Labret Piercing

Labret Piercing The labret piercing is basically a piercing located through the lower lip. It can be done in any position under the lip, though where it is positioned is extremely important!

If the piercer gets it wrong then the bar will sink into the lip and in some cases the jewellery can actually rub the gum which will in turn cause it to recede.
Another thing that the piercer has to avoid is the inferior labial artery.

This is responsible for supplying blood to all of the muscles around the mouth and puncturing it would obviously be extremely hazardous.

Things You Should Know

The labret piercing is usually done by the position first being marked and then a Foerster clamp is used to pull the lip away from the jaw. Once ready the piercer will pierce the lip with a needle and the jewellery that you have chosen will be placed in straight afterwards. Once this is done the needle will be removed and the clamps will be released.

Most piercers tend to pierce the lip from the outside. However, it has been revealed that if the piercing were to be done from the inside to the outside then it would be quite painless! So you could always ask the piercer about this when you have your consultation.

It can take up to three months for a labret piercing to heal. If you want to help it along a little then you can always use a saline solution. If you are having trouble finding a suitable saline solution then choose one which is designed to clean contact lenses. Many people make the mistake of moving the jewellery in their piercing backwards and forwards. As tempting as this may be you could actually be causing damage and that will cause the healing process to be lengthened.

Labret piercings are usually done with a 16g needle. This ensures that the piercing does not look abnormal; especially on women. Most people find that a labret stud is the best type of jewellery to wear in a labret piercing. However you do have a number of options to choose from. Overall labret piercings can look really good just as long as you take care of them properly!

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Piercing Aftercare Recommendations

Body Piercing Aftercare
When you’re got a new body piercing – oral, facial or even a common ear piercing – you have to be at least aware of how the fresh piercing has to be taken care of.

Body piercing aftercare guidelines are universal for most of the body piercing types except the oral body piercings – it’s due to the unique location of these body piercings.

The first body piercing aftercare guideline to remember – don’t take the body jewelry out until the fresh piercing hasn’t undergone the first healing stage called ‘primary healing’.

The pierced hole is most vulnerable and prone to infections during the initial healing stage and I guess it shouldn’t pose you any problems with keeping the initial body jewelry in.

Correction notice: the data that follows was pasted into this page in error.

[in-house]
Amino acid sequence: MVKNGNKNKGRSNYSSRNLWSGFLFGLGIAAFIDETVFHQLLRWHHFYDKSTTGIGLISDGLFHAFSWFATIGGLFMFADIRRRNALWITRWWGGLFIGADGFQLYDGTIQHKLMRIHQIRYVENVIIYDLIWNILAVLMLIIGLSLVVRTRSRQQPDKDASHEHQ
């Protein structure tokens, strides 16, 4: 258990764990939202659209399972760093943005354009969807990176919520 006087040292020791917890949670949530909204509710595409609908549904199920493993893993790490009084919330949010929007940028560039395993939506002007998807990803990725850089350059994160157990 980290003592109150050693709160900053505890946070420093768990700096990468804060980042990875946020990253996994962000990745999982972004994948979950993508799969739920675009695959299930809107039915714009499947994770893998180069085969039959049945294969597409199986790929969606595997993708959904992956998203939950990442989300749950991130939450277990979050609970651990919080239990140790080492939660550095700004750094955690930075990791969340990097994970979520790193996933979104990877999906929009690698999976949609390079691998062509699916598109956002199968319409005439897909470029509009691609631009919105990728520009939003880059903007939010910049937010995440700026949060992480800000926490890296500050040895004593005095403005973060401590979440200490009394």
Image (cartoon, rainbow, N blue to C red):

As for the best materials for the first time piercings – they are surgical grade stainless steel, titanium and Bioplast. These materials are very body friendly and will provide ideal conditions for healing. And if you have any allergy towards metals, Bioplast should do the trick.

The second body piercing aftercare recommendation – use common sense when handling your fresh piercing. This includes washing hands before touching the piercing and avoiding sexual contacts when you get a genital or oral body piercing, for example.

Remember – there are many infections that can get into your fresh piercing like bacterial and viral infections and also parasitic infections. The last ones can result from swimming in open waters while the piercing hasn’t fully healed yet, like seas and rivers. So bear this in mind, too – while the piercing is healing, no swimming!

A universal body piercing aftercare advice for most fresh body piercing is soaking it with saline solution a few times a day. The reasoning behind this is the healing properties of sea salt solution. Its chemical consistence is similar to that of your body fluids, and on top of that by soaking the fresh piercing with the saline solution you will wash away any excess body fluids that are drying up around the piercing hole. This in turn will prevent bacterial build-ups in the piercing.

Some body piercers advise that good body piercing aftercare includes using antibacterial products as well. For example – antibacterial soap that can be gently applied to the piercing while taking shower and then washed off.

However, this can also lead to destroying the healthy bacteria that resides on your body around the fresh piercing. And you certainly don’t want this to happen, do you?

The most interesting approach to body piercing aftercare is LITHA. Can you guess the meaning of this abbreviation? Common, try!

Are you giving up? OK – let me tell you!

Leave It The Hell Alone! As you can imagine, this body piercing aftercare principle is very simple – just leave the piercing on its own and allow your body deal with it!

If it seems to be too extreme, just think about this. Let’s say, you got slightly injured and have a wound. You cut yourself and applied a plaster on the cut. Then ask yourself now – would you remove the plaster and clean the wound a few times daily just to facilitate the healing process?

Well, most likely – not! So this is exactly what the LITHA method involves – leaving your body alone and assuming that a healthy and strong human’s body should be absolutely fine with healing a comparatively small wound.